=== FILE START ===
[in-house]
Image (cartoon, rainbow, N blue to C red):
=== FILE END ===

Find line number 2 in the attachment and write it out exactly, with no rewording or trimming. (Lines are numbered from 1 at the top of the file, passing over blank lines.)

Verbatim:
Image (cartoon, rainbow, N blue to C red):